Builders of the Pacific Coast
And Then They Clearly Flew
blog - April 1, 09
This is a beautiful book full of pictures (there is some writing!) of the incredible organic buildings that you find along the North American west coast. Many of the homes are on the tiny islands just off the coast of Canada. Made from driftwood, cedar and imagination these are homes to dream about. The neat thing is these are mostly not the huge fancy homes (though some a few of these are featured) but are are small homes built by people who love to build and are not interested in big bucks but (and this seems to be true of many of them!) in surfing. This is a book to dip into and out of and dream about - everyone I have shown it to took it into a corner and pored over it for at least half an hour before reluctantly handing it back.
Book Review by George Young
George Young Books
I have developed two problems in going through BUILDERS OF THE PACIFIC COAST time after time…I find something new each time I look and I have an impossibly long list of my favorite things (which changes each time I go through the book). The Leaf House always makes the list but there are so many treasures that it never makes it to the top.
I guess that is the secret of the book…like your journey the reader just has to keep moving on to find the next surprise and enjoyment. It is hard to call it your best book because that suggests that a comparison can be made of similar work. Not so, old friend, this is a beautiful and grand step in your further exploration that began with Shelter. It is fun, inspiring, enriching, and a joy. I would call it your masterpiece but I know the road is still out there, the camera still works, the truck still runs…and your curiosity will push you out there again.
Beautiful, inspired work.
Book Review by Mike Litchfield
West Marin Citizen
Whether you start with the Book of Genesis or the Adventures of Robinson Crusoe, we humans have long loved tales about creating a new worldor building one from scratch. Lloyd Kahn’s new book, Builders of the Pacific Coast, is primarily an account of builders and hand-crafted structures dating from the 60s to the 80s. Yet the rugged coastal setting of his odysseya blue and green world from Point Reyes Peninsula to Vancouver Islandinvokes a simpler, more pristine time, an Eden of sorts. When forests grew down to the sea, building codes were few, lumber was plentiful (often free) and anyone with skill, a strong back and the courage to try could create something beautiful and enduring.
That second attribute, “enduring,” is worth noting. The Pacific Northwest, which gets up to 200 inches of rain a year, is one of most challenging places on earth for things made of wood. Ignore the details and in a decade your house will be humus. So as free-flowing and exotic as many of BPC’s buildings are, they are decidedly not hippie shacks. Almost all of the structures were built by professional builders at the top of their game and the level of craft, ingenuity and attention to detail is mind-bending.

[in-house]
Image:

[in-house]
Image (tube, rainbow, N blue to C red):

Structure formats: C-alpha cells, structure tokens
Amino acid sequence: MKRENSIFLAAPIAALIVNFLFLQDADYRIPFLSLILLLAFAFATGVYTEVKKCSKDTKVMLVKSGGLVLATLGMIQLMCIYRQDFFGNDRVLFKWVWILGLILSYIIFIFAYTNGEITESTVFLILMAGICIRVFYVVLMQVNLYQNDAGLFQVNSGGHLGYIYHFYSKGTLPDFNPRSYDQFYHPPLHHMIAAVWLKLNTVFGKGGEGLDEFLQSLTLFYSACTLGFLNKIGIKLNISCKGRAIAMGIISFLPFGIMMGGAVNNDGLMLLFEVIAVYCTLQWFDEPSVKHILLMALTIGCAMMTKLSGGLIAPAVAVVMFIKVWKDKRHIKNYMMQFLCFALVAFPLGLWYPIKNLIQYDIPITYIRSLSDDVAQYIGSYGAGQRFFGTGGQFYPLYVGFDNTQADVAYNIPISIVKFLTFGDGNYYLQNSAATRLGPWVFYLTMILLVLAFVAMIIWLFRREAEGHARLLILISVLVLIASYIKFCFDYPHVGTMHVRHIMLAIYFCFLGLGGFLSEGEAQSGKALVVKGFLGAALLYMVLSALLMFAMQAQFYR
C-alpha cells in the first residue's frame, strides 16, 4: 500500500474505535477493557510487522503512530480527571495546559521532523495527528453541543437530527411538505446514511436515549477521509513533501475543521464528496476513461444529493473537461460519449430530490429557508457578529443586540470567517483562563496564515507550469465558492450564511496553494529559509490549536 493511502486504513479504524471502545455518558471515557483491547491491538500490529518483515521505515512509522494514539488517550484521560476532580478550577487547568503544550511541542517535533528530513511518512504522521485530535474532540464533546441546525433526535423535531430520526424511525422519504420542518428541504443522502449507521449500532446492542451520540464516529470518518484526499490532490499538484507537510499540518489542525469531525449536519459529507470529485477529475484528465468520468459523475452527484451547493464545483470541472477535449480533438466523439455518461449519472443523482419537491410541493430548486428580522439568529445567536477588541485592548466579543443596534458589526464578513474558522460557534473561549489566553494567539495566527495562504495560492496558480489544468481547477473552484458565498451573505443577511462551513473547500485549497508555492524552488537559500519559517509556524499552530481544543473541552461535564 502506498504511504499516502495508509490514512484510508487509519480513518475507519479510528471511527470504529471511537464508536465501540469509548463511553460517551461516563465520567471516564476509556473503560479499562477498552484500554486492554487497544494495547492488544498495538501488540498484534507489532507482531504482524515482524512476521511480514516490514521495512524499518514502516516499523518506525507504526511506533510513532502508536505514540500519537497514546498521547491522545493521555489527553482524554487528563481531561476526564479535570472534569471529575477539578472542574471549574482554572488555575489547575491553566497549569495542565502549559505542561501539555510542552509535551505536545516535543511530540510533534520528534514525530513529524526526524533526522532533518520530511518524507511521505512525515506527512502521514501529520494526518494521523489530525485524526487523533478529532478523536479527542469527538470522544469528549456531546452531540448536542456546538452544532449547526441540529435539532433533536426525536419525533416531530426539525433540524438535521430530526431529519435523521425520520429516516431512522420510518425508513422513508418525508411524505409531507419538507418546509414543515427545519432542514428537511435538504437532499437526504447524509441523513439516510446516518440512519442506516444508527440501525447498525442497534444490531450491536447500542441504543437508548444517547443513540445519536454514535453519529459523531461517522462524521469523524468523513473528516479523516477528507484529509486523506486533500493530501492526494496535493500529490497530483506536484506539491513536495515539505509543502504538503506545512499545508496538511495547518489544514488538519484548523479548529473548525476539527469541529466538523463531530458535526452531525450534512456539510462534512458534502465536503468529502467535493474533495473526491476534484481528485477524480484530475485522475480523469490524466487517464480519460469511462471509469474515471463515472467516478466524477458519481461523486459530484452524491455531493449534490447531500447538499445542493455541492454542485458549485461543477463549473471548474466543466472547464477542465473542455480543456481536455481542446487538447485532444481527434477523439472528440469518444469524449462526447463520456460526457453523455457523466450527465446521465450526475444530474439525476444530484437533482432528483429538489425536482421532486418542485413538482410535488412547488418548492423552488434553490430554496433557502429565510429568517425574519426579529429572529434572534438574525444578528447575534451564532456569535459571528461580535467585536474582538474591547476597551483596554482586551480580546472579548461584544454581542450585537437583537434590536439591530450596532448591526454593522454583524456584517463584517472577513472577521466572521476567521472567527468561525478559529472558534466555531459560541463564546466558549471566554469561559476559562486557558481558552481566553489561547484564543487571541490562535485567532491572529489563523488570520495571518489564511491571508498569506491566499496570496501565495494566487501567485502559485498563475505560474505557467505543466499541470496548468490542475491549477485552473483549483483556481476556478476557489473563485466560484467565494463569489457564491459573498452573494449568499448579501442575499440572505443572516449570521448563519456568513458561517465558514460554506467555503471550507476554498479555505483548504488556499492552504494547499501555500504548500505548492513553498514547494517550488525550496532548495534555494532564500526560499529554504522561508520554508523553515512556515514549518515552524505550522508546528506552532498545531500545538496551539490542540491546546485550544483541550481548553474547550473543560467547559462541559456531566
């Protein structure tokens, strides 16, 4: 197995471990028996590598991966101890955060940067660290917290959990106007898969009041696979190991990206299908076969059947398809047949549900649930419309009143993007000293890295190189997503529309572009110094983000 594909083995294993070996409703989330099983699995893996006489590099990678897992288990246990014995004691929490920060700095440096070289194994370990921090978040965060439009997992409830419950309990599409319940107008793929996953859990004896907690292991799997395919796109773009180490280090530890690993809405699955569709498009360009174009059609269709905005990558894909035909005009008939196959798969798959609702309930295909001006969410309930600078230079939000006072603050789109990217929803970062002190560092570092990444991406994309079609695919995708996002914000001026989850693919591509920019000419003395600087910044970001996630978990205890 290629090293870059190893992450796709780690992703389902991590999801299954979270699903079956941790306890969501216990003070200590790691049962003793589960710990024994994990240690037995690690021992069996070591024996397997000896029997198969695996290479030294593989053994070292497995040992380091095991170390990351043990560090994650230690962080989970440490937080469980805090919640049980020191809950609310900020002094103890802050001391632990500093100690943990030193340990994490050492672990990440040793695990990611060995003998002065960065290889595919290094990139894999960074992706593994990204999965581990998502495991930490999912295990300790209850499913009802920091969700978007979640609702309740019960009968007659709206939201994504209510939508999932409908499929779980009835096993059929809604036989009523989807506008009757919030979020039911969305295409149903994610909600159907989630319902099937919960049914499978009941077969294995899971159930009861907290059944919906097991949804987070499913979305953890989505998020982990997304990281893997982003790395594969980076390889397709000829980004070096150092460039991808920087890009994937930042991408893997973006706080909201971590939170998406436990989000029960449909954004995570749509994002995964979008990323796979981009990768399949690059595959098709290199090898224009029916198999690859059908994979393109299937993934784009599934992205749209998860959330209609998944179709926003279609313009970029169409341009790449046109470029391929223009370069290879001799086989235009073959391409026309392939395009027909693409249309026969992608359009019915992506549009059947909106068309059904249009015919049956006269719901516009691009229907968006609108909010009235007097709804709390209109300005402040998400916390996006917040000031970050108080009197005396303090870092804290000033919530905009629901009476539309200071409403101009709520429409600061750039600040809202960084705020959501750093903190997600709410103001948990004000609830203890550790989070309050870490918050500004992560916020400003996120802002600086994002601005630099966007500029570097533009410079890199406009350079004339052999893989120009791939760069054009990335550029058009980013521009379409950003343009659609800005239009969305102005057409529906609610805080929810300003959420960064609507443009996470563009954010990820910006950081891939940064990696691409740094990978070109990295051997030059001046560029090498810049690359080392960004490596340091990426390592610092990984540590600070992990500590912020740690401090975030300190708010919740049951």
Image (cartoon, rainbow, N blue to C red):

It takes great skill, for example, to join factory-milled 2x10s at a roof peak, but inspired madness to converge 21 hand-peeled Douglas fir rafter polestrees, reallyatop an 800-year-old salvaged old-growth redwood log serving as a home’s center post. But for every ponderous tour de force with big timber, there’s something delicate and whimsical, such as the elegant spherical tree houses built “much like a cedar-strip kayak” and hung among three trees with fittings originally intended to secure sailboat masts. The sphere’s builder notes, “When it’s stormy things can be tense, but nothing like a storm at sea…”
My favorite structure in Builders of the Pacific Coast is a sauna on the shores of Lake Henderson, built entirely out of driftwood and later covered with earth and stones. Its driftwood rafters, preassembled on the beach are “curved like ribs and polished by water and shore.” Upon entering the sauna, one of the builder’s buddies remarks, “Hey, it looks like a whale’s rib cage.” Indeed, Jonah would feel right at home.
To document this riot of creativity, Kahn took 10,000 photos and selected 1200 for the book. On every page is something shocking and delightful. A boat with legs. A roof like a leaf. A caravan with eyes. A split-cedar woodshed shaped like a bird. Stair rails so sinuous and snakey they might come to life and grab you. Sculpted earth walls. Round windows and arched doors. Roofs curved like seagull wings. Grottos choked with ferns and flowers. All that’s lacking is a hobbit with a long clay pipe.
Not that there’s any shortage of creatures and fantastical characters. Just off-camera lurk orcas, eagles and bears. (Well, not entirely off-camera. One page features a tiny photo of bear scat: some days they eat nothing but blackberries and the by-product is a deep purple pile of poop.) And then there are the builders themselves. There hasn’t been a cast of characters this colorful since Ken Kesey packed up his Underwood.
There are about forty builders in Builders of the Pacific Coast, but three in particular are such huge talents that Kahn devotes the first third of the book to their creations. The first to appear, ironically named Lloyd House, is a philosopher-builder whose “love for people, love for beauty, love for wood, love for life” infuses all his work. He is clearly Lloyd Kahn’s favorite, as much for his mindful way of working as for any results.